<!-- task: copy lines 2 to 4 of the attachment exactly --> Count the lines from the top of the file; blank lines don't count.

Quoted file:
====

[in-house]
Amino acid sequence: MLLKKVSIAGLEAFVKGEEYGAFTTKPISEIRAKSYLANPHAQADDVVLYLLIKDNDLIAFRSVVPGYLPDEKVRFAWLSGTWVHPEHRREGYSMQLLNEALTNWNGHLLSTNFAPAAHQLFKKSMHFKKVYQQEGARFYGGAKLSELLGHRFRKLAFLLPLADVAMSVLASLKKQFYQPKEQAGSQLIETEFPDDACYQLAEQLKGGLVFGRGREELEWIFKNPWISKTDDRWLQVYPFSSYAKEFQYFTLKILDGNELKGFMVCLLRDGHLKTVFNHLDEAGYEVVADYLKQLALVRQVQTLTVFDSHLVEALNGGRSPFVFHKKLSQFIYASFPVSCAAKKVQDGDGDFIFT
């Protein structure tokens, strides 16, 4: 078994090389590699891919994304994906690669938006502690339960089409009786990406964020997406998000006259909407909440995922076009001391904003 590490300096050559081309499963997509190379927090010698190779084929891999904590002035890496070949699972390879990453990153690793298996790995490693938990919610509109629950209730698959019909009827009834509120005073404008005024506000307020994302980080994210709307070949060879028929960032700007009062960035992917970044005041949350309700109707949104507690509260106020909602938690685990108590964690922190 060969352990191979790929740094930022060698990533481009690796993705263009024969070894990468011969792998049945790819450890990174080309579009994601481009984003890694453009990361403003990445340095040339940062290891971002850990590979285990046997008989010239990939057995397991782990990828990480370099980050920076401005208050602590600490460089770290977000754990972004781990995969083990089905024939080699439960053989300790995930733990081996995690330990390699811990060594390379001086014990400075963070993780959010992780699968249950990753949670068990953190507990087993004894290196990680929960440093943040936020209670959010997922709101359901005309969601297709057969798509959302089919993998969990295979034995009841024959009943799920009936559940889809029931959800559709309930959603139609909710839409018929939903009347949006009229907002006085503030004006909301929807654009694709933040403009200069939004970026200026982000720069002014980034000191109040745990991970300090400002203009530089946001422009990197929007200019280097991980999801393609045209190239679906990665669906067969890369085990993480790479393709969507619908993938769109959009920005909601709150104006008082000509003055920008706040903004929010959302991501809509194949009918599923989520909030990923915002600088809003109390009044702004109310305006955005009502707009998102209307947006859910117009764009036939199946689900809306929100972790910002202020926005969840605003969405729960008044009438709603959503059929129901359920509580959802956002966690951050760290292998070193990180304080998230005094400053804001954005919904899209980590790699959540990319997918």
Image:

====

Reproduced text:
Amino acid sequence: MLLKKVSIAGLEAFVKGEEYGAFTTKPISEIRAKSYLANPHAQADDVVLYLLIKDNDLIAFRSVVPGYLPDEKVRFAWLSGTWVHPEHRREGYSMQLLNEALTNWNGHLLSTNFAPAAHQLFKKSMHFKKVYQQEGARFYGGAKLSELLGHRFRKLAFLLPLADVAMSVLASLKKQFYQPKEQAGSQLIETEFPDDACYQLAEQLKGGLVFGRGREELEWIFKNPWISKTDDRWLQVYPFSSYAKEFQYFTLKILDGNELKGFMVCLLRDGHLKTVFNHLDEAGYEVVADYLKQLALVRQVQTLTVFDSHLVEALNGGRSPFVFHKKLSQFIYASFPVSCAAKKVQDGDGDFIFT
């Protein structure tokens, strides 16, 4: 078994090389590699891919994304994906690669938006502690339960089409009786990406964020997406998000006259909407909440995922076009001391904003 590490300096050559081309499963997509190379927090010698190779084929891999904590002035890496070949699972390879990453990153690793298996790995490693938990919610509109629950209730698959019909009827009834509120005073404008005024506000307020994302980080994210709307070949060879028929960032700007009062960035992917970044005041949350309700109707949104507690509260106020909602938690685990108590964690922190 060969352990191979790929740094930022060698990533481009690796993705263009024969070894990468011969792998049945790819450890990174080309579009994601481009984003890694453009990361403003990445340095040339940062290891971002850990590979285990046997008989010239990939057995397991782990990828990480370099980050920076401005208050602590600490460089770290977000754990972004781990995969083990089905024939080699439960053989300790995930733990081996995690330990390699811990060594390379001086014990400075963070993780959010992780699968249950990753949670068990953190507990087993004894290196990680929960440093943040936020209670959010997922709101359901005309969601297709057969798509959302089919993998969990295979034995009841024959009943799920009936559940889809029931959800559709309930959603139609909710839409018929939903009347949006009229907002006085503030004006909301929807654009694709933040403009200069939004970026200026982000720069002014980034000191109040745990991970300090400002203009530089946001422009990197929007200019280097991980999801393609045209190239679906990665669906067969890369085990993480790479393709969507619908993938769109959009920005909601709150104006008082000509003055920008706040903004929010959302991501809509194949009918599923989520909030990923915002600088809003109390009044702004109310305006955005009502707009998102209307947006859910117009764009036939199946689900809306929100972790910002202020926005969840605003969405729960008044009438709603959503059929129901359920509580959802956002966690951050760290292998070193990180304080998230005094400053804001954005919904899209980590790699959540990319997918």
Image: